Protecting our Human Rights in Brexit Britain


Aladdin Benali | February 24, 2020

Before Brexit, the UK had participated in EU policies that harness its power as the world’s largest trading bloc to infuse ethical and normative objectives into trade agreements. Leaving the EU means for the first time in 40 years, international trade policy will return to the UK Government’s competence. Under the EU (Withdrawal) Act 2020, the UK now has the power to negotiate ‘Free Trade Agreements’ with ‘third’ non-EU countries during the transition period that will enter into force 31 December 2020.

Not enough attention, however, has been paid to the challenges the UK faces in promoting human rights across the world through conducting international trade policy alone. Britain’s ability to safeguard human rights across the world is severely at risk.

Trade has always been about more than simply exchanging goods and services. International trade policy these days captures all aspects of human life and shapes the legal economic and political environment. EU policymakers now possess a sophisticated array of instruments to promote human rights in external trade policy. Such rights include labour rights, indigenous and cultural rights transparency and anti-corruption, and environmental standards.

What sort of policies does the EU already have in place?

One policy is to incorporate human rights clauses in all new trade agreements. Such a clause looks something like this:

Respect for human rights,democratic principles and the rule of law … shall underpin the domestic and international policies of the Parties and constitute the essential elements of this Agreement.” (Cotonou Agreement with ACP countries, Article 9(2))

Another policy has been to proactively ensure developing countries pay attention to respecting human rights. Under the Generalised Scheme of Preferences Regulation (No 978/2012), the EU may grant preferential trade access to the single market on the condition that they respect human rights and basic labour rights norms. For example, the ‘Everything But Arms’ (EBA) policy, has given 49 the world’s poorest countries like Haiti or Cambodia duty-free and quota-free exports access to the largest market in the world.

Without the EU

The UK now faces a hard reality: When it comes to effectively negotiating the inclusion of rights in trade negotiations, size matters. Decreased bargaining power as a single nation outside the EU translates into severe challenges in bilateral trade negotiations.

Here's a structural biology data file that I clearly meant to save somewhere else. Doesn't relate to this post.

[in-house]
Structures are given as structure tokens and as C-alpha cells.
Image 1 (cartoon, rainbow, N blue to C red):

Also faced with the time pressure of the transition period, the UK will be tempted to omit key protections to chase quick trade deals. Some countries are already taking aim to weaken Britain’s rights standards in exchange for progress on post-Brexit trade. Experts fear that the Conservative government is neither willing nor able to incorporate adequate rights provisions as Britain ceases to participate in EU rights-based trade policy.

However, Brexit need not mean a deterioration of rights protections. The UK has two key opportunities in negotiating its own trade deals to achieve a truly progressive agenda compatible with UK’s international obligations, like those under the European Convention on Human Rights.

First, Britain now has the power to establish a gold standard for human rights after the transition period. While having already committed to continuing the GSP, the UK has failed to maintain human rights protections in most Continuity Agreements signed. Future clauses should, for example, contain robust clauses that allow for suspension upon non-adherence in line with the Joint Committee on Human Rights’ recommendations.

Second, the Government can improve on shortcomings of the design and execution of the existing EU rights framework. There has been considerable academic criticism of the consistency of the EU’s conditionality and monitoring mechanisms and incentives and deterrents to conditionality clauses. Oversight must be shared with Parliament which surpasses government’s consultation obligations under Part 2 Constitutional Reform and Government Act 2010 where necessary.

What happens if the UK fails to develop a coherent rights-based trade policy? Other countries are ready to use their leverage to promote their priorities. Trump’s US will seek to undermine the historic values-based trade policy to obtain domestic objectives, like reducing immigration and protecting the voter base. The UK must abstain from this race to the bottom and develop and maintain a coherent rights agenda in conducting trade policy in this year’s negotiations.